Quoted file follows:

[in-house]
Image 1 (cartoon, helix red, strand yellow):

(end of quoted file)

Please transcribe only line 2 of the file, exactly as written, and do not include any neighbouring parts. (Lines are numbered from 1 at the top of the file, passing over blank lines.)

Image 1 (cartoon, helix red, strand yellow):